“The Grand Budapest Hotel” is an adventure-comedy about a peculiar concierge (Ralph Fiennes) who is framed for murder in the 1930s while working at an Eastern European resort. The movie features a large cast of well-known actors, many of whom have starred in other Wes Anderson films, including Adrien Brody, Bill Murray, Jason Schwartzman, and Tilda Swinton. Anderson had the entire ensemble live together in a small German hotel while filming. This unique approach to bonding paid off. The film won the 2015 Golden Globe for Best Motion Picture – Comedy or Musical and took home four Oscars.

You may also like: 100 best international movies of all time

Robert De Niro and Val Kilmer in "Heat"

Warner Bros.

Heat (1995)

– Director: Michael Mann
– IMDb user rating: 8.3
– Metascore: 76
– Runtime: 170 minutes

Inspired by real-life criminal Neil McCauley, “Heat” began as a failed TV pilot, then aired as a made-for-TV movie in 1989 before finally making it to the big screen. The film is a smart showdown between McCauley (Robert DeNiro), a career thief hoping to pull off one last job, and Vincent Hanna (Al Pacino), a Los Angeles detective hell-bent on catching the bad guy. The cast is rounded out by other major actors, including Ashley Judd, Val Kilmer, and Jon Voight.

Julianne Moore, John C. Reilly, and Jack Rovello in "The Hours"

Paramount Pictures

The Hours (2002)

– Director: Stephen Daldry
– IMDb user rating: 7.5
– Metascore: 80
– Runtime: 110 minutes

Based on the 1999 Pulitzer Prize-winning novel by Michael Cunningham, “The Hours” examines the impact of Virginia Woolf’s 1925 classic “Mrs. Dalloway” on three generations of women during a day in each of their lives. The film is headlined by Nicole Kidman in an Oscar-winning turn as Woolf, Julianne Moore as an unhappy 1950s housewife, and Meryl Streep as a literary editor hosting a party for a friend with AIDS at the turn of the 21st century. These leading roles are supported by a sizable cast that includes Toni Collette, Claire Danes, Allison Janney, Jeff Daniels, and Ed Harris, to name a few.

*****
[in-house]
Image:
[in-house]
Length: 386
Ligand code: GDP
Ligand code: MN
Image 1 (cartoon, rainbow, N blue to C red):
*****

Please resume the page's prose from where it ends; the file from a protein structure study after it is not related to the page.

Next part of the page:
Cate Blanchett in "I'm Not There"

Killer Films

I’m Not There (2007)

– Director: Todd Haynes
– IMDb user rating: 6.8
– Metascore: 73
– Runtime: 135 minutes

Six actors—Christian Bale, Cate Blanchett, Marcus Carl Franklin, Richard Gere, Heath Ledger, and Ben Whishaw—each portray a version of singer-songwriter Bob Dylan in “I’m Not There.” This experimental biopic reflects various aspects of the iconic musician’s life through six different characters, none of which are actually Dylan himself; rather, they are symbolic representations of him at different points in time. Director Todd Haynes stated that his goal with the film was to “find a narrative and cinematic parallel to what Dylan did to popular music in his era.”